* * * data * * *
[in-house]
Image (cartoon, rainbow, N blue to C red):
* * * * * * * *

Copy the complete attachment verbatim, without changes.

[in-house]
Image (cartoon, rainbow, N blue to C red):